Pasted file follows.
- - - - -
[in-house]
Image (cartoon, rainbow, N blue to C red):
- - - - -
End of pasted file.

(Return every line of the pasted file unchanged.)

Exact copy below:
[in-house]
Image (cartoon, rainbow, N blue to C red):